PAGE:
Eighth-grader Trent Giever and seventh-grader Frannie Ello released their balsa-wood-and-nylon helicopter inside the gym at Yakima Valley Community College on Saturday and watched it climb all the way to the ceiling, where it hovered for several seconds before descending gracefully back to the floor.

This, the helicopter-flying event at the South Central Washington Science Olympiad Regional Tournament, was the fun part, the part where Trent and Frannie got to enjoy the fruits of their labor. The hard work was over.

The weeks of early morning meetings — an hour before class started at Kennewick’s St. Joseph’s Middle School — had paid off. A crowd of onlookers cheered. The helicopter, powered by a rubber band, soared. And St. Joseph’s took first place in the helicopter competition, one of 23 events in the Science Olympiad.

“They actually get an opportunity to apply science,” teacher Catherine Valiant said. “We worked for four or five months, and the day itself is a lot of fun.”

About 100 students from middle schools in Kennewick and Yakima competed in the events, which were coordinated by staff from YVCC, Heritage University and Pacific Northwest University of Health Sciences.

Events included building and testing robots and helicopters, as well as conducting experiments in anatomy, chemistry and botany — with an emphasis on science, technology, engineering and mathematics (STEM). It was the second year of the South Central Washington regional. Prior to last year, local students had to compete in either the Spokane or Western Washington regional, something that was often cost-prohibitive, educators and students said.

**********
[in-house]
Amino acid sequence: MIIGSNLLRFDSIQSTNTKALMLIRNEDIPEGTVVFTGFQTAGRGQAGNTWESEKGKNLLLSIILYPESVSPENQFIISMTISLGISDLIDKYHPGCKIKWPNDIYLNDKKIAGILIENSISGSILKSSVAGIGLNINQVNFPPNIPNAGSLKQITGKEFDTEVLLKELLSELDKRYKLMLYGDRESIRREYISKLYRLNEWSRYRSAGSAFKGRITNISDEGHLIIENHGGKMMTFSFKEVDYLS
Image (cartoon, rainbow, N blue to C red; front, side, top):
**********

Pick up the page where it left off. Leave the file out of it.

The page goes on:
“Usually they just didn’t go,” said Sanna Zeigler, a chemical hygiene officer at Heritage and one of the event’s directors.

This year, though, the One Voice Community Foundation awarded the Olympiad a $16,000 grant that covered registration, materials and transportation for participating schools. That included two teams each from Franklin Middle School in Yakima and Highlands Middle School in Kennewick.

“The fact they had enough engagement to put together two teams, I just think that’s cool,” Zeigler said.

Diana Rhodes, chairwoman of the PNWU anatomy department and another of the event’s tournament directors, concurred. The appeal of the event to teachers and students alike is that it’s participatory and hands-on.

Also, unlike a typical science fair, for which a student might do the science on his or her own, the Science Olympiad is inherently collaborative. To succeed, the students must work together, which, in addition to teaching teamwork, really helps the them become invested in the projects, Rhodes said.

“Just seeing them run around campus with their goggles and their white coats is pretty fun,” she said.

Frannie, the St. Joseph’s seventh-grader with the helicopter, agreed.

“It’s fun,” she said. “And it’s an interesting way to learn.”